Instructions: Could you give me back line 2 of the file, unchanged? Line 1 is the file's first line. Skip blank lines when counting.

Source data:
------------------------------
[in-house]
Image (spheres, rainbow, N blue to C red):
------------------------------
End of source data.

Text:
Image (spheres, rainbow, N blue to C red):